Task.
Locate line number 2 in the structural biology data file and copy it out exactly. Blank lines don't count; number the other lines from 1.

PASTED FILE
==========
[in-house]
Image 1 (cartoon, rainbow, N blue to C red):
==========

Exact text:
Image 1 (cartoon, rainbow, N blue to C red):